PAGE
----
Sunday, February 03, 2008


Ever dream of being a hero?

Heb 11:32-40

“32 And what more shall I say? For time will fail me if I tell of Gideon, Barak, Samson, Jephthah, of David and Samuel and the prophets, 33 who by faith conquered kingdoms, performed acts of righteousness, obtained promises, shut the mouths of lions, 34 quenched the power of fire, escaped the edge of the sword, from weakness were made strong, became mighty in war, put foreign armies to flight. 35 Women received back their dead by resurrection; and others were tortured, not accepting their release, so that they might obtain a better resurrection; 36 and others experienced mockings and scourgings, yes, also chains and imprisonment. 37 They were stoned, they were sawn in two, they were tempted, they were put to death with the sword; they went about in sheepskins, in goatskins, being destitute, afflicted, ill-treated 38(men of whom the world was not worthy), wandering in deserts and mountains and caves and holes in the ground.

39 And all these, having gained approval through their faith, did not receive what was promised, 40 because God had provided something better for us, so that apart from us they would not be made perfect.” NASU

There are several stories represented in this passage from Hebrews—stories of daring action, bold attacks, thrilling suspense, and even political intrigue and romance. Read this list above again—these people conquered kingdoms, shut lions’ mouths, quenched fire, became mighty in war, etc.

Remember when you were growing up and you would pretend to be a soldier in a war, or a superhero fighting crime, or a “man alone” against evil? Did you ever dream of conquering kingdoms by yourself? Did you fight the odds? Did you defeat the evil ones with your super powers? Did the “good guys” win the fight?

I remember playing at superheroes and war when I was a child. None of my brothers or friends would choose to lose. We wanted to be the hero, the one who changed the tide of battle so that the “good guys” won. We wanted to perform daring deeds; we wanted to walk with a swagger, to be swashbucklers for good!

We wanted to be John Wayne, Roy Rogers, Spider-Man, Batman, Superman, Captain America. We wanted to be heroes standing against the evil doers!

We wanted to be like those listed here in Hebrews 11. We wanted to be amazing, to be daring, to be bold, to be courageous.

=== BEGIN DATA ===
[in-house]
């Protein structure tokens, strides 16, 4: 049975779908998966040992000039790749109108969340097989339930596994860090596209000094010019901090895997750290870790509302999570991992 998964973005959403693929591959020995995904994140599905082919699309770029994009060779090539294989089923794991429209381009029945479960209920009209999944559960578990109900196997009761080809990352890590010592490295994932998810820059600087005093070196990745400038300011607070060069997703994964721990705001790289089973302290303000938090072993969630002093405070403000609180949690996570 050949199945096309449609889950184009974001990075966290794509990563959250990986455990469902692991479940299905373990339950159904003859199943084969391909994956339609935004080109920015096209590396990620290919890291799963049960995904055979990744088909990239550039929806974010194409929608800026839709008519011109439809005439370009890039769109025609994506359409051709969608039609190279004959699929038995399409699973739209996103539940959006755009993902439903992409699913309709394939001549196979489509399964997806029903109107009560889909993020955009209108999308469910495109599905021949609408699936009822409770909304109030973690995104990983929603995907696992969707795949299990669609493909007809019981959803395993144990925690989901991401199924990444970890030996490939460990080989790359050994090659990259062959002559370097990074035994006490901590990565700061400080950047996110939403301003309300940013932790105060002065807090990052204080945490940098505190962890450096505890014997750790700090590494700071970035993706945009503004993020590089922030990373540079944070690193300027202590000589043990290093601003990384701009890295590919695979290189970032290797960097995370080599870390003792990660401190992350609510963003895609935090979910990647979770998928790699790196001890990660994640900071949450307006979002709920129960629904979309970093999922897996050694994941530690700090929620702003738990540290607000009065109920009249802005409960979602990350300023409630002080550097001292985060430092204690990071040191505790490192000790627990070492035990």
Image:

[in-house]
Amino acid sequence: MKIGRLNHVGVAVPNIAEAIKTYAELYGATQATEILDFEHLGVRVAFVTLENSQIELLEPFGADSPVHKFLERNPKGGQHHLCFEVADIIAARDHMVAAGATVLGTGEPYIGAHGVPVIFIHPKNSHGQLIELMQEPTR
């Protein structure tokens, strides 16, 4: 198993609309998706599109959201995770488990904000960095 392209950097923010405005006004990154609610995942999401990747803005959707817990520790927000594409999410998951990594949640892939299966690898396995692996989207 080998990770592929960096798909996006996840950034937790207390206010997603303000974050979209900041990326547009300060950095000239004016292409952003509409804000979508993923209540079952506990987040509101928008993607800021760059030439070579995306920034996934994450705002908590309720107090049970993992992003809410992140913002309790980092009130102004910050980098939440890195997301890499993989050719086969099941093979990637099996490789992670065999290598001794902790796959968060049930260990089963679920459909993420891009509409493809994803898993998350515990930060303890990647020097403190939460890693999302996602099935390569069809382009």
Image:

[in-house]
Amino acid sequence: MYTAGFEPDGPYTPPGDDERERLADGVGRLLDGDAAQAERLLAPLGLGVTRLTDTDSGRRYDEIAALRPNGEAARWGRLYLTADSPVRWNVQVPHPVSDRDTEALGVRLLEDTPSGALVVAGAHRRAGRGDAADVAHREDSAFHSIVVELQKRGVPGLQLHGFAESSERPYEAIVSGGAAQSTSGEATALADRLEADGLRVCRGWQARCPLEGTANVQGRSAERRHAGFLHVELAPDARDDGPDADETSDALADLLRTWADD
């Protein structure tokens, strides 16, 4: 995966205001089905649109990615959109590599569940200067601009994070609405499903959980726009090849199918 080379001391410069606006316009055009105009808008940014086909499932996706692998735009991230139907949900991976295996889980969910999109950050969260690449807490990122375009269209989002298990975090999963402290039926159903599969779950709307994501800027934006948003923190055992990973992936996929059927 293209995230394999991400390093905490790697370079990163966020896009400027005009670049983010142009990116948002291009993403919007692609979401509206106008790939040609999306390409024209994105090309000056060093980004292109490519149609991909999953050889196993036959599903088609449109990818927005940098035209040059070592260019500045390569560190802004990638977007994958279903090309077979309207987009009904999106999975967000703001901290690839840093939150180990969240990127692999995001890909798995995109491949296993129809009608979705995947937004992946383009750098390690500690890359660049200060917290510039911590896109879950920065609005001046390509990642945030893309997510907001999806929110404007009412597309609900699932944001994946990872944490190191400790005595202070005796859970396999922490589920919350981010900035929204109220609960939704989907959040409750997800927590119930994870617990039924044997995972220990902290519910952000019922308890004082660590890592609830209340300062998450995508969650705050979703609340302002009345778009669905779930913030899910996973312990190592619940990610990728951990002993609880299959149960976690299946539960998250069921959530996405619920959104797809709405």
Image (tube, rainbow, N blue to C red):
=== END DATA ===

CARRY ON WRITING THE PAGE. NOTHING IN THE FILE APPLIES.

Where are we now?

What kind of heroes have we become at the end?

Where are our tales of daring, of bold actions?

Phillips Brooks says it like this:

“The great danger facing all of us—let me say it again, for one feels it tremendously—is not that we shall make an absolute failure of life, nor that we shall fall into outright viciousness, nor that we shall be terribly unhappy, nor that we shall feel that life has no meaning at all—not these things. The danger is that we may fail to perceive life’s greatest meaning, fall short of its highest good, miss its deepest and most abiding happiness, be unable to render the most needed service, be unconscious of life ablaze with the light of the Presence of God—and be content to have it so—that is the danger. That some day we may wake up and find that always we have been busy with the husks and trappings of life—and have really missed life itself.”

Have I lost my verve for life? Have I lost contact with the One who makes life worth living?

Have I fallen into the danger of complacency and mediocrity? Have I missed that “abundant life” because I forgot how much fun it was to “risk it all” to save someone from evil?

Have I allowed my contact with God to be minimal?

In The Lion, the Witch, and the Wardrobe, Aslan is described in this manner:

“’Safe?’ said Mr. Beaver, ‘Don't you hear what Mrs. Beaver tells you? Who said anything about safe? 'Course he isn't safe. But he's good. He's the King, I tell you.’”

God is like that.

He isn’t safe, he isn’t tame . . . in fact, God can be quite wild on occasions.

But he is GOOD.

We have to have contact with him, we have to be intimately attached to him for life to be good.

Oh, life may also be wild on occasions, and it will not always be safe.

But it will be GOOD. . . .

And abundant. . . .

When once we experience this intimacy with God, the hope is that we will become addicted. Addicted to God, what a great idea! As God in Christ fills all of our mundane existence, we will begin to see all of life as sacramental. Why? Because God is in it.

That’s our challenge, isn’t it? To live as though all those things Jesus said were true. As Charlie Peacock has said, we must learn to “live like heaven is a real place.”

May God grant us the grace to do so.

Thanks for reading!

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